GandCrab ransomware distributor arrested in South Korea
South Korean national police have announced today the arrest of a 20-year-old suspect on charges of distributing and infecting victims with the GandCrab ransomware.
The suspect, whose name was not released, operated as a customer of the GandCrab Ransomware-as-a-Service (RaaS) cybercrime operation.
Known as an affiliate —or a distributor— police say the suspect operated by taking copies of the GandCrab ransomware and distributing them via email to victims across South Korea.
Between February and June 2019, the suspect sent nearly 6,500 emails to South Koreans. The emails mimicked official communications from local police stations, the Constitutional Court, and the Bank of Korea.
However, when victims opened documents attached to emails they received, they infected themselves with the GandCrab ransomware, which then proceeded to encrypt their files and ask for a $1,300 payment in Bitcoin.
South Korean national police say they tracked at least 120 users who fell victim to the suspect's phishing campaigns.
Despite the large number of victims, authorities said the suspect only made 12 million won, which stands to around $10,500, as he only received a 7% cut from the sum victims were paying on the GandCrab ransom portal.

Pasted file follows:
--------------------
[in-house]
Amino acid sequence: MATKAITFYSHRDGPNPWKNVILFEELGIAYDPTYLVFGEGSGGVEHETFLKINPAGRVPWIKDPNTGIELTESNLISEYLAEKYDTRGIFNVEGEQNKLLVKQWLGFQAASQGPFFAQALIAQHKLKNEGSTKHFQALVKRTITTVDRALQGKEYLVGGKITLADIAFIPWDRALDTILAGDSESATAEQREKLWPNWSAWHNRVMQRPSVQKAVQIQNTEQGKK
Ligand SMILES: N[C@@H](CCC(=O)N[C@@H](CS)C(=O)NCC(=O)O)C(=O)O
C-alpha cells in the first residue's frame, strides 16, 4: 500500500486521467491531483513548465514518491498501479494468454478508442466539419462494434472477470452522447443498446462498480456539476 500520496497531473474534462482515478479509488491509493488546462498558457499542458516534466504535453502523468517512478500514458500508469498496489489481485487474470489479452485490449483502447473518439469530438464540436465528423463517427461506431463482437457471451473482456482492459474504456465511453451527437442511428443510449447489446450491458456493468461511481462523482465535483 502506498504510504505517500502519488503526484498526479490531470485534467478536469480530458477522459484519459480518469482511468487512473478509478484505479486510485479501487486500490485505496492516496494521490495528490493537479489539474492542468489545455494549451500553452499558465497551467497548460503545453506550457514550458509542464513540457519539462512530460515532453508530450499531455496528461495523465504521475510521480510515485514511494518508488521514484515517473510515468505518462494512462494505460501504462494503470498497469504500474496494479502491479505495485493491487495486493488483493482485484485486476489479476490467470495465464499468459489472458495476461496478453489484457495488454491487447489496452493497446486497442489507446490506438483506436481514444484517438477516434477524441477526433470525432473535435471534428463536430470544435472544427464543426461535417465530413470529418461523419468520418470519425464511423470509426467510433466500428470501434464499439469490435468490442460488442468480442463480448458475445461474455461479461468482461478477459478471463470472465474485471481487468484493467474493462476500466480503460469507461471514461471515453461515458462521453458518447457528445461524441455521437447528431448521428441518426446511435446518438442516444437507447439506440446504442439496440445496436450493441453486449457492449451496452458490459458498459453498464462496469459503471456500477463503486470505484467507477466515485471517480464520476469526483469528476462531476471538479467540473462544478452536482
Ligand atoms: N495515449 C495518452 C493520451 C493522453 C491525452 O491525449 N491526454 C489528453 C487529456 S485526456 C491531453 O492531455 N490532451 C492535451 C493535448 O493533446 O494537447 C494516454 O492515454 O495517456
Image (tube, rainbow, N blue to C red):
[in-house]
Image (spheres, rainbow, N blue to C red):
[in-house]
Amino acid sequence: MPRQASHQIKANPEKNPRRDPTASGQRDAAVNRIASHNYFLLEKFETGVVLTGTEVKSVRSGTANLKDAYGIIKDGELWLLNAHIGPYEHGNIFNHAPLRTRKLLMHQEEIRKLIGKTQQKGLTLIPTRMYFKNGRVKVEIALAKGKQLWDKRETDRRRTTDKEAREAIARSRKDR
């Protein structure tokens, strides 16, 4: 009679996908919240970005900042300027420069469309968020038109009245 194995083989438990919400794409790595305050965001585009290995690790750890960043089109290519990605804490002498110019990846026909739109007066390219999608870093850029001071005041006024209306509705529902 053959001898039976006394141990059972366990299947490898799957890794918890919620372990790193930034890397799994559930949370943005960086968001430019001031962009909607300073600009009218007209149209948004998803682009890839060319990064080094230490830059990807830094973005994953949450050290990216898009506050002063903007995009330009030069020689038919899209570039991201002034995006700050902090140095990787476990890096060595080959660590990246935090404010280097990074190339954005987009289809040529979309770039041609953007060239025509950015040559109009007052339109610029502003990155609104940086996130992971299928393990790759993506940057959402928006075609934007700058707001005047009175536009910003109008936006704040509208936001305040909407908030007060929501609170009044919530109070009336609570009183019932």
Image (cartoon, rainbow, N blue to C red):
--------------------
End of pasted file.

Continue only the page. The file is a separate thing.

Suspect tracked via cryptocurrency transactions
The suspect's attacks stopped in June 2019 after the GandCrab group announced their retirement and moved on to create and run the REvil (Sodinokibi) RaaS instead, which focused on infecting companies rather than regular users.
The South Korean individual marks the second GandCrab distributor arrested since the GandCrab shutdown. A 31-year-old suspect was previously arrested in Belarus in August 2020.
South Korean national police said the recent arrest, which took place last month on February 25, was the result of an international investigation led by Interpol focused on tracking down the GandCrab gang and its network of distributors. Law enforcement agencies from ten countries are involved in the investigation.
Authorities also said they tracked the suspect based on cryptocurrency transactions associated with the GandCrab operation, which led them to the suspect's bank account, despite him using a cloak of servers and IP addresses to hide his real location.
Catalin Cimpanu is a cybersecurity reporter for The Record. He previously worked at ZDNet and Bleeping Computer, where he became a well-known name in the industry for his constant scoops on new vulnerabilities, cyberattacks, and law enforcement actions against hackers.